This November The Land of Obscusion will be celebrating a neat idea called "Mecha Month". Gerald Rathkolb, of Anime World Order fame, debuted Mecha Month last November, and the idea of it is for mech fans who have a model kit they haven't made yet to finally get off of their butts... And sit right back down and build that kit! I myself have stopped buying and building model kits, though I do understand the fun of it, but I still felt like celebrating alongside those fans. Therefore, every post this month will be mech-related, and what better way to start it than to finally watch & review something I kept putting off ever since the start of this blog!
The OVA boom of that debuted in the early-80s reached it's end roughly in the mid-90s, with fewer and fewer OVAs being made afterwards. With the idea of late-night anime becoming more popular & lucrative, the short OVA seemed antiquated, but the format still worked in some cases, like maybe if an idea couldn't get a shot at a TV airing or even a personal project. I'm sure Chou Kidou Densetsu/Super Mobile Legend Dinagiga is a case of that, because I can't honestly believe that this short production was originally created the way it ended up.
Hikari Touno has only been with the local robot training facility for three days and already she's caused more accidental destruction around the facility than thought possible. At the same time, though, she looks to have great potential, and her dense positive energy makes it hard for any of her classmates to really hate her, including her roommate Nana Izumizaki. But after a new student from Amsterdam named Marie Vlaanderen comes to the facility a mysterious robot, many times larger than anything the students pilot, attacks the facility. If there's any chance at survival it's in Hikari's potential ability to pilot the secret giant robot Dinagiga, which accidentally caused the destruction of Hokkaido a few years back.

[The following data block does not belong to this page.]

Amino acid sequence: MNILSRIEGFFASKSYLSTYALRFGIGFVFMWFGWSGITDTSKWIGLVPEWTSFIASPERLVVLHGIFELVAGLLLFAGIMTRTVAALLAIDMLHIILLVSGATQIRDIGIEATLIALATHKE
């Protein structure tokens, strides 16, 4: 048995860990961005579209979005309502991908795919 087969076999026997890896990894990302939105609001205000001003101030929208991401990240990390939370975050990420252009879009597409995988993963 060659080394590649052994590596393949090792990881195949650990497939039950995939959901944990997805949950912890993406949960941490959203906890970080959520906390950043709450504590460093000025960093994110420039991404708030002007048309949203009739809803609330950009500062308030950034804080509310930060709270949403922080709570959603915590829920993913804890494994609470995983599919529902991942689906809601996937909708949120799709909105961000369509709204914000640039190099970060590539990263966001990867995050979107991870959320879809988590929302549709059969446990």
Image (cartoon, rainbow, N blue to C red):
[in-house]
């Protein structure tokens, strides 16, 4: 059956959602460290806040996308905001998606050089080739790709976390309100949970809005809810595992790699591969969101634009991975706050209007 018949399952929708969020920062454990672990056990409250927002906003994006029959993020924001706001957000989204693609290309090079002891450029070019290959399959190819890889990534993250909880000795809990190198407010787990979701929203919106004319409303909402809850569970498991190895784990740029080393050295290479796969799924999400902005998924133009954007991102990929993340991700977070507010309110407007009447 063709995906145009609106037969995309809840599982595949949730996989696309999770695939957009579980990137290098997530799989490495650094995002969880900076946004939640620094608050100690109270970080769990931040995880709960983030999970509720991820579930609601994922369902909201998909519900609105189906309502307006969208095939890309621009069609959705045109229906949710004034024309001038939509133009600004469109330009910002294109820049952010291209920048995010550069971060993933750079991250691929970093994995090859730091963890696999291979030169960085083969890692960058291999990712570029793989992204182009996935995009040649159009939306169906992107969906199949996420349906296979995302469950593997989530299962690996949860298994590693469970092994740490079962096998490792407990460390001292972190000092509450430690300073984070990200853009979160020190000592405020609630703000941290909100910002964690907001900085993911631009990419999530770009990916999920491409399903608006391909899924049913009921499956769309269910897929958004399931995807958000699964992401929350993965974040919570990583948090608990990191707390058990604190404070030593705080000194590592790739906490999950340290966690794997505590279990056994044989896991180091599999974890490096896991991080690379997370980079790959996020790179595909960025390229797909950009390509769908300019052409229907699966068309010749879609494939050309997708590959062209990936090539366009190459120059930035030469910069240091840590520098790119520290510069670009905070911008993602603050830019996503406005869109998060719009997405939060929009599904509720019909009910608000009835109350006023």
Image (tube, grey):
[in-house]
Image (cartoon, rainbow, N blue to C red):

There's no way to talk around this, so let's get straight to the point: Dinagiga feels like an aborted TV series production. It's only two episodes long, yet the amount of story told in them feels like it should have been about four or five, and it all simply feels like the beginning to a larger story. From what I could tell, Dinagiga is the creation of a man called Takeshi Doi, with this being his sole anime involvement, and this is likely his own personal story that he wants told; hell, Doi's Twitter handle is @Dinagiga! It really seems like Dinagiga was going to be planned as a TV series originally, but either Doi couldn't get a sponsor to get it onto a late-night slot or maybe the sponsors jumped ship, so a TV airing couldn't happen. If that's the case then I'm guessing that Doi then decided to simply use the budget that he & Studio Deen already had for the production, which was for two episodes, and simply toss in as much of what was planned out into these two episodes. It's not that the story feels confusing or anything like that, because it isn't; rather, it simply moves at a much-too-fast pace, which results in lack in detail and some scenes not having the impact that they obviously would have had if there was more time to develop the characters & story.